Strengthening Fail2Ban for Repeat Offenders

Let’s get straight to the case. I have a server, serving a web services and someone was trying to use my server for sending a spam mail.
Honestly, i am not an expert at this. So i struggling and do some research until i found some article which is quite interesting and try to implement it on to my server.

The result so far was good, i am quite satisfied. And here, i am gonna share it with you guys.

As i already mentioned above, i am not an expert on this field. Thus, I BEAR NO RESPONSIBILITY if something occurs to your server when you follow this guide. If by any chance you found this page and know what to do, then it’s good. However, if you also same like me, think again and DO IT WITH YOUR OWN RISK.

1. Modify or create /etc/fail2ban/filter.d/f2b-loop.conf


# Fail2Ban configuration file for subsequent bans
[INCLUDES]
before = common.conf
[Definition]
failregex = \]\s+Ban\s+<HOST>
ignoreregex = \[postfix-sasl.*\]\s+Ban\s+<HOST>
#

2. Modify or create /etc/fail2ban/jail.local

here is my pre configuration


[pure-ftpd]
enabled = true
port = ftp
filter = pure-ftpd
logpath = /var/log/syslog
maxretry = 3

[dovecot]
enabled = true
filter = dovecot
logpath = /var/log/mail.log
maxretry = 5
findtime = 86400 ;1 day
bantime = 604800 ;1 week

[postfix-sasl1]
enabled = true
port = smtp
filter = postfix-sasl
logpath = /var/log/mail.log
maxretry = 3
findtime = 86400 ;1 day
bantime = 604800 ;1 week

[postfix-sasl2]
enabled = true
port = smtp
filter = postfix-sasl
findtime = 864000 ;10 days
bantime = 2592000 ;1 month
logpath = /var/log/mail.log
maxretry = 5

At this time, what i want to protect was only FTP, Dovecot and Postfix. I will not explain anything about the code above. However, only by doing this is still not enough. Eventhough i made the bantime for 1 month, ‘they’ will come again. So, let go to the next step.

3. Create file /etc/fail2ban/filter.d/repeatoffender.conf


#Fail2Ban configuration file
#
# Author: WireFlare
#
# This filter monitors the fail2ban log file, and permanently
# bans the ip addresses of persistent attackers.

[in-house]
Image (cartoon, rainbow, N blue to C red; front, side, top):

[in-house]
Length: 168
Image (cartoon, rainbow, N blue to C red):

#
# As of this version this ban only works with iptables.
#

[Definition]
_jailname = repeatoffender
failregex = fail2ban.actions\s+\[(?:.*)\]:\s+NOTICE\s+\[(?:.*)\]\s+Ban\s+<HOST>
ignoreregex = fail2ban.actions\s+\[(?:.*)\]:\s+NOTICE\s+\[%(_jailname)s\]\s+Ban\s+<HOST>

4. Create file /etc/fail2ban/action.d/repeatoffender.conf
# Fail2Ban configuration file
#
# Author: WireFlare
#

[INCLUDES]

before = iptables-blocktype.conf

[Definition]

# Option: actionstart
# Notes.: command executed once at the start of Fail2Ban.
# Values: CMD
#
actionstart = iptables -N fail2ban-<name>
iptables -A fail2ban-<name> -j RETURN
iptables -I <chain> -p <protocol> -j fail2ban-<name>
# Establish chain and blocks for saved IPs
iptables -N fail2ban-ip-blocklist
iptables -A fail2ban-ip-blocklist -j RETURN
iptables -I <chain> -p <protocol> -j fail2ban-ip-blocklist
cat /etc/fail2ban/ip.blocklist.<name> |grep -v ^\s*#|awk '{print $1}' | while read IP; do iptables -I fail2ban-ip-blocklist 1 -s $IP -j REJECT --reject-with icmp-port-unreachable; done

# Option: actionstop
# Notes.: command executed once at the end of Fail2Ban
# Values: CMD
#
actionstop = iptables -D <chain> -p <protocol> -j fail2ban-<name>
iptables -F fail2ban-<name>
iptables -X fail2ban-<name>
# Remove chain and blocks for saved IPs to prevent duplicates on service restart
iptables -D <chain> -p <protocol> -j fail2ban-ip-blocklist
iptables -F fail2ban-ip-blocklist
iptables -X fail2ban-ip-blocklist

# Option: actioncheck
# Notes.: command executed once before each actionban command
# Values: CMD
#
actioncheck = iptables -n -L <chain> | grep -q 'fail2ban-<name>[ \t]'

# Option: actionban
# Notes.: command executed when banning an IP. Take care that the
# command is executed with Fail2Ban user rights.
# Tags: See jail.conf(5) man page
# Values: CMD
#
actionban = VERIFY="<ip>*"
ADD="<ip> # fail2ban/$( date '+%%Y-%%m-%%d %%T' ): Perma-Banned"
FILE=/etc/fail2ban/ip.blocklist.<name>
grep -q "$VERIFY" "$FILE" || iptables -I fail2ban-<name> 1 -s <ip> -j DROP
grep -q "$VERIFY" "$FILE" || echo "$ADD" >> "$FILE"

# Option: actionunban
# Notes.: command executed when unbanning an IP. Take care that the
# command is executed with Fail2Ban user rights.
# Tags: See jail.conf(5) man page
# Values: CMD
#
actionunban = # Do nothing becasuse their IP is in the blocklist file

# To manually unban from the ip blocklist file run this command:
# Be warned that if the ip is in log rotated files it must be whitelisted
#
# sed -i '/^<ip>/d' /etc/fail2ban/ip.blocklist.repeatoffender
#

[Init]

# Default name of the chain
#
name = default

# Option: protocol
# Notes.: internally used by config reader for interpolations.
# Values: [ tcp | udp | icmp | all ] Default: tcp
#
protocol = tcp

# Option: chain
# Notes specifies the iptables chain to which the fail2ban rules should be
# added
# Values: STRING Default: INPUT
chain = INPUT

4. Lets update /etc/fail2ban/jail.local and add this at the bottom


[repeatoffender]
enabled = true
filter = repeatoffender
logpath = /var/log/fail2ban*
maxretry = 3
findtime = 31536000
bantime = -1

5. The findtime is for 1 year, so we have to change the log rotation also. Update /etc/logrotate.d/fail2ban


/var/log/fail2ban.log {
missingok
notifempty
monthly
rotate 13
create 0600 root root
postrotate
/usr/bin/fail2ban-client set logtarget /var/log/fail2ban.log 2> /dev/null || true
endscript
}

That’s it. Hope this is useful for you guys. Full reference was in here and here.

Notes: those code was suitable for my server, doesn’t mean it’s also suitable for your server. You have to try it out first and made some adjustment based on your server. Good luck!.

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